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Gold Stocks Nearing Bottom

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In contrast to gold, the mining stocks appear to have very limited downside potential. It?s difficult to make a case that they can move much lower.

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In early November we made the case that precious metals were in danger of a final plunge before a bottom. The decline that ensued has abated in recent days. It appears that a short-term rally is underway. The bear market is very close to ending but we can't say definitively just yet when.

The chart below shows all of the worst bear markets in gold stock history. For the current bear market (black) we replaced the HUI Gold Bugs Index (INDEXNYSEGIS:HUI) with the PHLX Gold Silver Sector Index (INDEXNASDAQ:XAU). The reason is the XAU is a better reflection of the historical Barron's Gold Mining Index (BGMI). The HUI is more volatile. This chart suggests that if the gold stocks have not bottomed yet, they are darn close.



A similar conclusion can be made upon examination of the monthly chart of the HUI Gold Bugs Index and GDM Index (INDEXNYSEGIS:GDM) (father of the Market Vectors Gold Miners ETF (NYSEARCA:GDX)). GDM bounced from a level of support that dates back to 2004.



While the mining stocks by themselves appear to be very close to a major bottom, the metals are creating some uncertainty. I know that some will be quick to call a double bottom but I would be more cautious. A double bottom typically explodes off the second bottom. Part of the reason is the first rally typically isn't so strong and the market then declines without interruption to the double bottom. That is not the case here. Gold has strong resistance at $1,350 and $1,400. To validate a double bottom, gold would need to immediately rocket higher and through $1,400. I don't see that happening.



In looking at the history of cyclical declines in gold, we find that the shorter declines tend to end with a strong selloff as was the case in 1976 and 1985. The current decline is most similar to those two.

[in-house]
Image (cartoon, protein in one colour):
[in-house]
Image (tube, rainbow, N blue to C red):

The bulk of the evidence leads me to believe that we probably have not seen the bottom though we are very close. In contrast to gold, the mining stocks appear to have very limited downside potential. It's difficult to make a case that they can move much lower. Gold, on the other hand, which last closed at $1,261, doesn't have strong support until the 50% retracement at $1,085 and the 12-year trend line slightly above $1,100. The worst is over for the mining stocks but we don't know that to be the case with gold.

Bottoms can happen in an instant or develop through a basing process. Huge, immediate rebounds originate from extreme oversold conditions. We don't have that at the moment. The corollary is that precious metals spend the next few months in a basing process. The bottom line is there is no need to aggressively buy yet unless the market becomes extremely oversold and plunges to a new low. Wait for that to happen, and if it doesn't, then a base is likely developing. Another thing to note is that the gold stocks started the bull market in November 2000 while gold bottomed three months later

Editor's Note: See more from Jordan Roy-Byrne at The Daily Gold.
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No positions in stocks mentioned.

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